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This quiet British island was once the site of Nazi atrocities. A new inquiry reveals its truths

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Alderney, a quiet British island in the English Channel known for its outstanding natural beauty, was once the site of the only Nazi camps on British soil – and a hell on Earth for its thousands of inmates.

A fresh inquiry, ordered by the UK’s Special Envoy for Post Holocaust Issues, Eric Pickles, and led by a panel of experts, has sought to determine the exact death toll of prisoners and laborers on Alderney, while also bringing an end to the conspiracy theories and misinformation surrounding the island.

The findings were published on Wednesday and determined there were a greater number of deaths than initially documented following liberation, but found no evidence of a “mini-Auschwitz.”

The inquiry also explored why the Nazi perpetrators – most of whom evaded justice – never stood trial in Britain.

Stretching for three square miles, the island was occupied by the Nazis for most of World War II. During that time, three forced labor camps and a concentration camp called Lager Sylt were built.

Nearly eight decades later, the fingerprints of Nazi occupation are still visible on the picturesque island, including bunkers, anti-tank walls and the notorious Water Lane tunnels constructed by the occupying forces to store munitions and fuel.

According to its tourist board, the residents of Alderney – which has a population of just over 2,000 – gather once a year in May for a memorial service to commemorate the island’s victims.

Described by Pickles as housing the “most westerly concentration camp in the Third Reich,” questions over the scale of horror that occurred on the island have persisted among locals as well as internationally – and the exact number of dead has never been clear, until now.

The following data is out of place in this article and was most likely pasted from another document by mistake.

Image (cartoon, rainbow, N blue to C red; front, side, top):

The Channel Islands were the only British land the Germans occupied during World War II. Unlike Jersey and Guernsey – the other Nazi-occupied islands – Alderney was evacuated of nearly all of its residents, meaning the island does not have extensive war-time records.

According to Pickles, the lack of records has led to unsubstantiated claims being made about Alderney and the war crimes that took place there.

“Claims of mass murder that anywhere else would be checked carefully have been accepted at face value,” Pickles – who has stressed the importance of historic accuracy regarding the Holocaust – said.

“Third- or fourth-hand testimonies of atrocities, without any supporting evidence, are given as a fact… What happened on Alderney was bad enough with its brutality, sadism and murder, without the need for embellishment.”

‘Unvarnished truth’

Following the island’s liberation from the Nazis, official figures from a post-war investigation put the death toll at 389.

This figure has long been disputed. Historians, members of the Jewish community and members of the public have estimates ranging from hundreds to several thousand.

Speculation has also been rife that the true scale of what happened on the island may have been deliberately concealed by the British government.

The inquiry denies such theories. It found that the number of deaths in Alderney is unlikely to have exceeded 1,134, with a more likely range of deaths being between 641 and 1,027.